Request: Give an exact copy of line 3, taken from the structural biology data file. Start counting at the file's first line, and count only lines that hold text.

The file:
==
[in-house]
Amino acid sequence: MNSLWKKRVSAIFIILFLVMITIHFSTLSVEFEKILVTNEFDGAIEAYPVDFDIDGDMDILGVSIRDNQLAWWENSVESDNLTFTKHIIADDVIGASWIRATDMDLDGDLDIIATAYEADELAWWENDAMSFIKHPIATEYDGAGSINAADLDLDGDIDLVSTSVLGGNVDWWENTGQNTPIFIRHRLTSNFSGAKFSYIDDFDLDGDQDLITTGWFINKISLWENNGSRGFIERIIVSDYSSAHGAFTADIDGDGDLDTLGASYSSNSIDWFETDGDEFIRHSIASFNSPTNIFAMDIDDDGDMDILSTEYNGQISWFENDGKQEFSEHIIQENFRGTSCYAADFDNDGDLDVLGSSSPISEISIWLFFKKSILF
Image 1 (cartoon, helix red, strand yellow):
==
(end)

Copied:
Image 1 (cartoon, helix red, strand yellow):